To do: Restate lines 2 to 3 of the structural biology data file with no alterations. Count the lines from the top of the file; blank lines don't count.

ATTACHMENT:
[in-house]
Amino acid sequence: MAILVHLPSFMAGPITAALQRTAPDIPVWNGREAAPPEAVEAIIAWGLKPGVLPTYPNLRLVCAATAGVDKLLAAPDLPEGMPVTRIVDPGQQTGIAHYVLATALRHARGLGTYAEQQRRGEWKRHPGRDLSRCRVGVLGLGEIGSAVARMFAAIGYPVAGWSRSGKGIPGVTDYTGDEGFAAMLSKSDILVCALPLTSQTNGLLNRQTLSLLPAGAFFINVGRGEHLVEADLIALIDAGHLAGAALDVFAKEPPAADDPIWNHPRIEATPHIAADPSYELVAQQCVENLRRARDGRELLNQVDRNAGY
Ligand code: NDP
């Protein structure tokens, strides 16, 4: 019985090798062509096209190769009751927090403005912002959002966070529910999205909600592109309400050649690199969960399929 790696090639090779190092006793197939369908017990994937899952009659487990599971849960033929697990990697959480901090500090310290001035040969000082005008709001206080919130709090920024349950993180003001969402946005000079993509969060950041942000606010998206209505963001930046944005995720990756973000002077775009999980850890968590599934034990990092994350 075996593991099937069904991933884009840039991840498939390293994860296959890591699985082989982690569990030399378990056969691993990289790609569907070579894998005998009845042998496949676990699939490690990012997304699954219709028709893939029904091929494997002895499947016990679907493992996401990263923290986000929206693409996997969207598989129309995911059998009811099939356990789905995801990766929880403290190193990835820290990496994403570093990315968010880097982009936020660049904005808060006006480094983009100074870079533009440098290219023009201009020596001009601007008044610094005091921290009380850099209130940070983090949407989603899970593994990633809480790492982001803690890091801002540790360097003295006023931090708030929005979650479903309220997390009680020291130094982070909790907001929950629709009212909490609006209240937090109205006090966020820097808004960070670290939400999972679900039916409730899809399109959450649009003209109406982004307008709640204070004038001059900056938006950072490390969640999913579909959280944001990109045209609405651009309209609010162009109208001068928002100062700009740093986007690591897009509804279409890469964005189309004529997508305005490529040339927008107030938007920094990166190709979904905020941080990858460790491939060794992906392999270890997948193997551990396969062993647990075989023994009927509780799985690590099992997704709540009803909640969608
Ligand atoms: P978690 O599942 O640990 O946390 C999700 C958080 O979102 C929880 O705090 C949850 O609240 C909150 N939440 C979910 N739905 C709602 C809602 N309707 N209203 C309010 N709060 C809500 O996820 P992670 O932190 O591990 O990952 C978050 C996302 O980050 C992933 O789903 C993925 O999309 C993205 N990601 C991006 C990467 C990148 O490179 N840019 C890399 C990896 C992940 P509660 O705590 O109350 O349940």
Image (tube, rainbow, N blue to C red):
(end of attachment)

Amino acid sequence: MAILVHLPSFMAGPITAALQRTAPDIPVWNGREAAPPEAVEAIIAWGLKPGVLPTYPNLRLVCAATAGVDKLLAAPDLPEGMPVTRIVDPGQQTGIAHYVLATALRHARGLGTYAEQQRRGEWKRHPGRDLSRCRVGVLGLGEIGSAVARMFAAIGYPVAGWSRSGKGIPGVTDYTGDEGFAAMLSKSDILVCALPLTSQTNGLLNRQTLSLLPAGAFFINVGRGEHLVEADLIALIDAGHLAGAALDVFAKEPPAADDPIWNHPRIEATPHIAADPSYELVAQQCVENLRRARDGRELLNQVDRNAGY
Ligand code: NDP